It is a very fine production, all told, and it went without any hitches. The performance itself was another matter. It had some very good things about it, and also some curiously eccentric goings-on.

A good part of the eccentricity came from the pit. Georges Prêtre conducted, and came up with some ideas that were, to put it mildly, curious. From the [beginning] bars of the Prelude it was clear that this was not going to be a routine "Traviata."

The tempo was extraordinarily slow, and one quickly peeked at the program to make sure the prelude really was that of "Traviata" and not "Lohengrin." But as soon as the fast section came along, Mr. Prêtre took off like a hot rod. Throughout the evening slow sections went slower than ever before, and fast sections faster.

This gave the singers some trouble, all the more in that the conductor seemed more interested in the orchestra than the stage. Often voices were drowned out (the pit of the new Metropolitan Opera is very live, and conductors will have to judge the balances very carefully), and sometimes the ensemble was ragged.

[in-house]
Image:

What saved the evening was Mr. Prêtre's undeniable temperament. There was enough fervor to make his conducting interesting, much as one deplored the technical lapses.

Anna Moffo, Bruno Prevedi and Robert Merrill were the principals. The men stole the show. Mr. Merrill sounded like the singer of 10 years ago. The role of the elder Germont was tailored for him, and in the second act he poured out wave after wave of resonant, beautifully focused tone. Mr. Prevedi, young and handsome, used his fresh-sounding voice to fine advantage. He is one of the best lyric tenors around.

Miss Moffo's characterization of Violetta was intelligent but curiously negative. She really does not have enough voice to make her points. When she lets it out, she is apt to be a shade off pitch; nor does she have the easy-going coloratura technique required for "Sempre libera." She is at her best when singing quietly, and the "Dite alla giovine" was the most appealing work she contributed during the evening.

Minor roles were well sung and acted with spirit. A big, engaging production of "La Traviata," in short, and one that is going to get better as everybody concerned becomes more familiar with it, and with the conductor's ideas.

Review 2:

Review signed "Robe" in Variety

La Traviata